Protests have rocked London, Paris, and other cities across the continent this week.
Trucks blocking a main London highway, fishermen blockading French ports, Dutch drivers petitioning parliament, Spanish and Italian fishermen voting to strike – Europeans are becoming restless at relentlessly high energy costs.
But what can governments do about oil prices that are six times what they were six years ago? Protesters, experts, and officials disagree substantially on which is the most appropriate course of action.
• Tax relief. European drivers pay the highest gas taxes in the world. In Britain, tax accounts for around 65 percent of the pump price for diesel, which recently topped 130 pence a liter or $9.88 per gallon.
"Within a matter of weeks we could see a large number of British haulage companies go bankrupt," warns Peter Carroll, a truck-business owner whose fuel bill has jumped almost 50 percent since October. "There should be a rebate for essential users. It already applies to bus companies. It would cost money in the short term, but it will keep alive an industry."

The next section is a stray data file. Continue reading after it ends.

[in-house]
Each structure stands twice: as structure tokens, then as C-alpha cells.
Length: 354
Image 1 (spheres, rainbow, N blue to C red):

Chancellor Alistair Darling has promised to review a fuel tax hike planned for October. But that might be too little too late. "It isn't going to make a great deal of difference," says Jonathan Loynes, an economist. "It's only 2 pence, which pales in significance compared with the rises we have seen."